new std.variant (was Re: The Right Approach to Exceptions)
Juan Manuel Cabo
juanmanuel.cabo at gmail.com
Wed Feb 22 18:00:31 PST 2012
On Thursday, 23 February 2012 at 01:36:32 UTC, Juan Manuel Cabo
> On Thursday, 23 February 2012 at 00:51:38 UTC, Jonathan M Davis
>> If appender ends up with multiple arrays in it, then random
>> access is no longer O(1) and is therefore unacceptable. As
>> such, most sort algorithms wouldn't work with it.
> If all I want is binary search on a big appender, then it
> is O(k * n * log(n)), and that k right there doesn't
> bother me. Also, binary search is absolutely not
> cpu cache friendly to begin with.
>> Also, your bit about using appender to pass an array around
>> wouldn't work either, because it wouldn't simply be wrapper
>> around an array anymore.
>> - Jonathan M Davis
> Yeah, but I don't care about the underlying array. I care
> about multiple places referencing the same Appender. If I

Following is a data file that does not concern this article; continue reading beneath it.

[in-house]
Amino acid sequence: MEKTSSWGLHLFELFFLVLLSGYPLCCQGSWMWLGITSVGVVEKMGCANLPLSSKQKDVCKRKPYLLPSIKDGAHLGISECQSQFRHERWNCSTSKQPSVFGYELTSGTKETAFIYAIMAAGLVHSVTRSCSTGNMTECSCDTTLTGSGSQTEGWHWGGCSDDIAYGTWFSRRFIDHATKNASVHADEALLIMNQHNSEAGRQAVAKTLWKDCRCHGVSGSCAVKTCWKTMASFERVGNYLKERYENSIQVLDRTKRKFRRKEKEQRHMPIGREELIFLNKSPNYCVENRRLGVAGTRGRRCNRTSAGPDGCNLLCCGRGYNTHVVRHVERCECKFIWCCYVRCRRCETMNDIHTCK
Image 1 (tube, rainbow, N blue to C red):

> from any place that references it, it appends to the same
> appender. The Appender "array" has identity. Ranges do not:
> int bla = [1,2,3];
> int ble = bla;
> ble ~= 4;
> assert(bla.length == 3);
> This is very easy to solve with appender.
> This is what happens in Java:
> ArrayList<Integer> bla = new ArrayList<Integer>();
> ArrayList<Integer> ble = bla;
> //prints 2
> //prints 2
> (yikes, aint that verbose!)
> The ArrayList has identity. It is a class, so that it
> many variables reference the _same_ object.
> (this can be accomplished with structs too though, but
> not with ranges).
I meant ref counted structs.
>> P.S. Please don't top post. Replies should go _after_ the
>> preceding message.
> Sorry, got it.
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